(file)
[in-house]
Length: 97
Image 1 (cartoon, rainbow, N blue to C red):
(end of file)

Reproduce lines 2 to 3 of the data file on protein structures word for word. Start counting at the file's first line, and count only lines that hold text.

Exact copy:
Length: 97
Image 1 (cartoon, rainbow, N blue to C red):